Romney took aim at the 8.1 percent unemployment numbers that were fueled by an increase of unemployed people who stopped looking for work.
“If last night was the party, this morning is the hangover,” Romney said in a statement. “For every net new job created, nearly four Americans gave up looking for work entirely.”
The GOP nominee called the numbers part of the worst economic recovery since the Great Depression.
“We aren’t better off than they were four years ago,” Romney said before going on to praise his economic plan that he claims will create 12 million jobs in four years.
So far, according to FactCheck.org, the Obama economy has produced a paltry net gain of 332,000 jobs since the start of the recovery.
Romney’s running mate Rep. Paul Ryan appeared on CNBC Friday to chide the Obama recovery.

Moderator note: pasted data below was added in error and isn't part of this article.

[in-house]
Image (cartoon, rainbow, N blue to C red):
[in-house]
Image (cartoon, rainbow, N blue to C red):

“This is not even close to what a recovery looks like,” Ryan said, “Look, we would need to actually have 150,000 jobs created just to keep in pace with population growth.
“For every net job created, nearly four people left the workforce.”
But the Obama White House sought to downplay the numbers.
“As the administration stresses every month, the monthly employment and unemployment figures can be volatile, and employment estimates can be subject to substantial revision,” the White House said in a statement. “Therefore, it is important not to read too much into any one monthly report and it is informative to consider each report in the context of other data that are becoming available.”